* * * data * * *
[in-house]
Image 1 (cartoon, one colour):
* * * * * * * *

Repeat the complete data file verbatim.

[in-house]
Image 1 (cartoon, one colour):